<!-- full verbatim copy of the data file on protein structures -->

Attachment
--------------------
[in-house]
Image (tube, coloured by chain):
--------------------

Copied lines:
[in-house]
Image (tube, coloured by chain):